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We have been awarded the contract to supply 30 LoRaWAN base-stations, maintenance and professional services and a range of IoT sensor devices for the Smart Shires consortium of councils in central Victoria.

Golden Plains Shire Council, Hepburn Shire Council and Moorabool Shire Council have united to create public and private LoRaWAN coverage to large parts of the area. Our implemented coverage will also link-up with coverage provided by City of Ballarat, City of Greater Geelong and Corangamite Shire Councils. The Smart Shires LoRaWAN network will be one of the largest contiguous free-to-access IoT networks in Australia.

The consortium was granted $750,000 as part of the Victorian Government Rural Councils Transformation Grants program to build the network and assist with the adoption of the technology. This means residents, businesses and producers within coverage will be able to deploy sensors on The Things Network (TTN) with no cost of transmission. The councils and commercial users have the choice of deploying sensor devices in the field on TTN, or on MeshedX, the industrial-strength Meshed private LoRaWAN. This network uses the same base-station infrastructure for both public and private networks to eliminate any expensive duplication.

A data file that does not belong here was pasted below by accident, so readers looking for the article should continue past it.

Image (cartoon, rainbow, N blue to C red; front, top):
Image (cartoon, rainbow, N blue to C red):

Another innovation that was important to council was the ability for commercial third parties and utilities to potentially pay for access to the LoRaWAN coverage. This will provide the municipalities cost recovery to assist network maintenance. Furthermore, this will also deter further infrastructure duplication.


Region-Wide LoRaWAN Network

Endless possibilities with LoRaWAN

Using the network for a better region

Initial use-cases of the Smart Shires LoRaWAN include:

  • People counting
  • Traffic counting
  • Soil moisture sensing
  • Water tank monitoring
  • River flood level monitoring
  • Micro-climate sensing
  • Electric fence monitors
Using LoRaWAN to boost productivity

Smart agriculture for a smart region

The LoRaWAN infrastructure will deliver benefit with better asset visibility, management and planning. The Smart Shires consortium has a large proportion of agricultural land use, so farmers will be able to deploy sensors to help cut costs and boost the productivity of their businesses.